South of Kiama you really feel like you are on the south coast of NSW. It is different to the north coast, both beautiful in their own ways.
We awoke to a gentle northerly, packed the tent and had a leisurely start at 9.00am with the northerly building. By the time I got to Crookhaven Heads, just 30.5km away it was blowing 20 knots so the trip was fast. We were packed up and ready to go by a bit after 2.00pm. Because we needed to find accommodation and because of engagements in the area we had called it quits early and headed into Nowra where we erected our masterpiece for two nights.
Rolling hills south of Kiama. Part of the lens is wet and I did lick it Pete.
We have plenty more images of fossils if anyone wants them
Safely into Crookhaven Heads past Marine Rescue and flying with 20 knots assistance
Greenwell Point in the background
Warren Steve was given a goodbye wave by Anne and Kim as he paddled out from Kiama, heading South, with Australia on his right, as is his wont. Let’s hope he sticks to this agenda, it’s the most direct way of getting to Moruya
As I drove South I had a chance to enjoy the scenery, and it is beautiful farming land, lots of corn, and lots of dairy cattle. Steve and I had a radio sked for 11:30 which meant I needed to be at Black Head, at Gerroa by this time. I have always had a passion for geology, dismissed as “rocks” in a hurtful way by the kayaker, but ask him how he passed geology at uni. I walked out, and down, onto the rock platform to get some exquisite shots of Steve passing, and was excited to see the rock shelf is a layer of sediment riddled with fossils. It includes a number of fossilised tree trunks, bivalves and other great stuff. I searched the net and found they are from the flooded coastline of Gondwanaland, from the Early Permian period, and are 270 to 300 million years old. This is ancient, and they are just lying there to be wondered at. You may recall, dear reader, (or is that dear bloggee?) that the Permian Period ended spectacularly about 251 million years ago, with the largest mass extinction of all time. 95% of marine species, and 70% of terrestial species became extinct. This caused me some serious reflection, as I wondered, now we’ve left the Anthropocene Period and entered the Trumpocene Period, if we, a most recent arrival, will outdo the Permian extinction. I truly hope not.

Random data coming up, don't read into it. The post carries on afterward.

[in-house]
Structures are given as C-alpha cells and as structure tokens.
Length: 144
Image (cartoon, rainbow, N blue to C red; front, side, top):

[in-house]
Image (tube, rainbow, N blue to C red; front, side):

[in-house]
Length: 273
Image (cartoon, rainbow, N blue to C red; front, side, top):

Further south, as I drove through the Shoalhaven Heads National Park north of Nowra, I saw many cycads growing within site of the road. These are ancient plants, and hail from the Jurassic Period, and are 200 million year old, hence a very primitive plant. Cause for more serious reflection. Will they cease to exist at our hand too?
To counteract this mood, I was delighted to meet Fran and Barry, who happened to be at the boat ramp at Culburra. Fran recognised the van and logos immediately and said she had heard about Steve’s trip on the local ABC. Both of these lovely people happily signed the petition, welcomed Steve and told him what a great thing he is doing. They took a flyer and Fran has emailed me this evening to say she has posted the photos, and information on her Facebook page, and is encouraging others to sign. It was a spontaneous welcome, and a perfect end to Steve’s paddle Two beers, a feed, and the kayak king is asleep. Peace reigns in camp